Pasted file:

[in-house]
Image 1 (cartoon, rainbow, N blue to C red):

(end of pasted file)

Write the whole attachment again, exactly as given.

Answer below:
[in-house]
Image 1 (cartoon, rainbow, N blue to C red):